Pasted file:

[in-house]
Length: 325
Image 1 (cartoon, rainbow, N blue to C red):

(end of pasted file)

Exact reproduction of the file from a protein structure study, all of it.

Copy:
[in-house]
Length: 325
Image 1 (cartoon, rainbow, N blue to C red):